Date: August 2008
Creator: Rodriquez, Raquel
Partner: UNT Libraries

Extended performance techniques and compositional style in the solo concert vibraphone music of Christopher Deane.

Description: Vibraphone performance continues to be an expanding field of music. Earliest accounts of the presence of the vibraphone and vibraphone players can be found in American Vaudeville from the early 1900s; then found shortly thereafter in jazz bands as early as the 1930s, and on the classical concert stage beginning in 1949. Three Pieces for Vibraphone, Opus 27, composed by James Beale in 1959, is the first solo concert piece written exclusively for the instrument. Since 1959, there have been over 690 pieces written for solo concert vibraphone, which stands as evidence of the popularity of both the instrument and the genre of solo concert literature. Christopher Deane has contributed to solo vibraphone repertoire with works that are regarded as staples in the genre. Deane's compositions for vibraphone consistently expand the technical and musical potential of the instrument. Performance of Deane's vibraphone works requires a performer to utilize grips and specific performance techniques that are departures from standard performance practices. Many of the performance techniques needed to successfully execute these pieces are not routinely found in either percussion pedagogy courses or performance ensemble situations. As a result, most percussionists are not familiar with these techniques and will require additional assistance, instruction, or demonstrations. The impetus of this document is to present explanations and solutions for performance areas that require extended performance techniques, to offer recommendations on the creation, choosing, and manipulating of special implements, and to propose varied choices related to artistic interpretation of three of Deane's vibraphone pieces: Mourning Dove Sonnet (1983), The Apocryphal Still Life (1996), and Dis Qui Etude (2004).
Date: August 2008
Creator: Smith, Joshua D.
Partner: UNT Libraries

Carl Orff's Carmina Burana: A Comparative Study of the Original for Orchestra and Choruses with the Juan Vicente Mas Quiles Wind Band and Chorus Arrangement.

Description: The 1994 publication of a new version of Carl Orff's Carmina Burana, arranged for winds, percussion and choruses by Juan Vicente Mas Quiles, created new possibilities for the performance of Orff's monumental work. This dissertation serves as a guide to the study and performance of the Mas Quiles arrangement of Carmina Burana. Chapter One presents a brief discussion of Carl Orff and his Carmina Burana, followed in Chapter two by a short discussion of Mas Quiles' and the other significant transcriptions and arrangements of Carmina Burana, Chapter three contains a review of the literature pertinent to the study Carmina Burana. In Chapter Four a detailed examination and comparison of the original Orff score with the Mas Quiles arrangement provides a framework with which the conductor may study and compare the two scores in preparation for a performance of the Mas Quiles arrangement. The scoring of the Mas Quiles arrangement is masterful in that the arrangement so closely maintains the textural, musical and aesthetic integrity of the work. The Mas Quiles version includes all of the movements, and all of the original elements: choruses, soloists and orchestral parts are preserved intact. The only substantive change is the judicious use of winds in place of the orchestral string parts. By comparison and analysis of Mas Quiles scoring techniques with the Orff original, the author concludes that the Mas Quiles arrangement is a viable and unique alternative to the Orff original and highly worthy of study and performance by conductors of advanced level ensembles.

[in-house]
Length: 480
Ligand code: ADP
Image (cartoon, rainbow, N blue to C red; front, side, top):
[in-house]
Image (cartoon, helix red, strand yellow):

Date: August 2008
Creator: Simon, Philip G.
Partner: UNT Libraries

A Structural Analysis and Selected Aspects of Performance of Gazebo Dances for Piano Four Hands by John Corigliano

Description: The purpose of the study is to present a formal analysis of the musical style and performance issues of the original version, for four hands piano, of Gazebo Dances, composed by John Coriglaino (b. 1938), a major American contemporary composer. Corigliano and his compositions have been performed by many performers and scholars over the several years. Gazebo Dances for piano four hands was composed in 1972. Gazebo Dances consists of four movements and was dedicated to his close friends: a dancelike overture movement in a slightly rondo form which is dedicated to Rose Corigliano and Etta Feinberg, waltz movement in a combination of rondo and sonata-allegro form which is dedicated to John Ardoin, adagio movement in a miniature sonata form which is dedicated to Heida Hermanns, and a tarantella movement in a modified rondo form which is dedicated to Jack Romann and Christian Steiner.